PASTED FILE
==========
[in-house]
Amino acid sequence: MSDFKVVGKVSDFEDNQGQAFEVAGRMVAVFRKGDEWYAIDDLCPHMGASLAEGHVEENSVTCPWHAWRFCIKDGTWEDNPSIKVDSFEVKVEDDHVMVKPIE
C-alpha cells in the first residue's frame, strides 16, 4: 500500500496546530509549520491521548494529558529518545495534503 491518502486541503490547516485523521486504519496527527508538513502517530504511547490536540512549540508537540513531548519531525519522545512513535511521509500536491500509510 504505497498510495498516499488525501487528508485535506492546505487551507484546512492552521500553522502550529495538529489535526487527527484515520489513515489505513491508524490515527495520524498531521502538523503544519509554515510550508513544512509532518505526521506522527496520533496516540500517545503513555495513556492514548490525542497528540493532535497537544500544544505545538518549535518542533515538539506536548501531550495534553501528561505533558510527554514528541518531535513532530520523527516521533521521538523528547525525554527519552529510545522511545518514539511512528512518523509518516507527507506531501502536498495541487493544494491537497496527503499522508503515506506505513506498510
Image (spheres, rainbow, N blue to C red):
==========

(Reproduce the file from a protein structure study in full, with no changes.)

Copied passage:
[in-house]
Amino acid sequence: MSDFKVVGKVSDFEDNQGQAFEVAGRMVAVFRKGDEWYAIDDLCPHMGASLAEGHVEENSVTCPWHAWRFCIKDGTWEDNPSIKVDSFEVKVEDDHVMVKPIE
C-alpha cells in the first residue's frame, strides 16, 4: 500500500496546530509549520491521548494529558529518545495534503 491518502486541503490547516485523521486504519496527527508538513502517530504511547490536540512549540508537540513531548519531525519522545512513535511521509500536491500509510 504505497498510495498516499488525501487528508485535506492546505487551507484546512492552521500553522502550529495538529489535526487527527484515520489513515489505513491508524490515527495520524498531521502538523503544519509554515510550508513544512509532518505526521506522527496520533496516540500517545503513555495513556492514548490525542497528540493532535497537544500544544505545538518549535518542533515538539506536548501531550495534553501528561505533558510527554514528541518531535513532530520523527516521533521521538523528547525525554527519552529510545522511545518514539511512528512518523509518516507527507506531501502536498495541487493544494491537497496527503499522508503515506506505513506498510
Image (spheres, rainbow, N blue to C red):